It Wasn’t Weird Anymore

I didn’t want to be like this. I didn’t want to be “The kid who can’t read.” The kid Derek Zoolander would have tried to help with no success, and I know that because a bunch of people tried to help me without success.

See I wish I’d been like the girls in my class who could just pick up anything they wanted and read what was inside. They could look at a math problem and just see the logical steps of what to do because they understood what the math symbols meant.

So my parents took me the public school to see what kind of facilities and specilized care they had. Turned out, they didn’t really have any for intermediate school kids. They had a class room and a teacher and they all tried their best to learn and catch up on the stuff they didn’t know, but if you didn’t finish the classwork by recess the teacher just said they’d keep you in and make you work on it longer instead of getting your wiggles out and having fun and making friends.

So, my parents weren’t real impressed with that. I wasn’t either. Recess was the only subject at which I was good at because I knew how to kick a soccer ball and I was faster than most the other kids. But to tell you the truth, I would have swapped being good at recess for being good at everything else, because I was tired of having teachers call on me and and asking me to read the next passage just in order for me to tell them I couldn’t.

When this first started happening it felt like, huh, weird, but now it wasn’t weird anymore because I was in third grade and everyone but me could read, so what was going on?

Well, my dad worked in Olympia a couple days a week, other than that he telecomputed which is normal these days, but back then it was really unusual because the internet wasn’t really a thing yet. My dad had, through his research about dyslexia found out about a woman who was an English learner specilist, which meant she taught English to people who couldn’t really get it–to people like me.

On Mondays I’d take the ferry from my privileged white-kid island over to the mainland and my dad would pick me up.

How We Think

Just to put dyslexia in perspective: when I was going up, in the 90’s, first everyone just thought I was slow, and needed a little extra time, then it became clear that there was actually a disability there, and it wasn’t something I could get away with, you know, it wasn’t like we had spell check and grammar check, and smartphones that I could speak into so I could send messages to my friends. I mean, I didn’t even have a cell phone (flip phone) until I went to college.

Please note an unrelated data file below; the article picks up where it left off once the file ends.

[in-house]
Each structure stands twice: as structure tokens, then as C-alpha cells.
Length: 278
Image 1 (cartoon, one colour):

So compare that experience to what might have been the process for poor Mr. Einstien. They probably didn’t even recognize disabilities of this nature, they just chalked it up to being dumb–and that’s crazy because look what he did–I mean, Einstien was a pretty smart guy.

Just to illustrate my point about dyslexia being aided by technology, when I was in middle school I still couldn’t read. My parents would make me read kids books, like “See Spot Run,” for a half hour everyday, but I was still reading at a first or second grade level even though I was in sixth grade. I remember sitting, trying to write a book report (my mom and dad had read me the book), and I couldn’t figure out how to spell a word. I mentioned that if they’d let me just write the report on the computer and then use spell check this wouldn’t be a problem.

“You won’t be able to take your computer with you to class if you go to college,” my mom said. “You need to know how to spell and do math, because you can’t always have a calculator.”

I don’t know if any statement has ever been less true, now that we look back on it. Technology has helped us in so many ways, and as a dyslexic person I still have moments when I type something and not even spell check can figure out what I was trying to spell, so I have to type it into Google, and most of the time that works, but not always.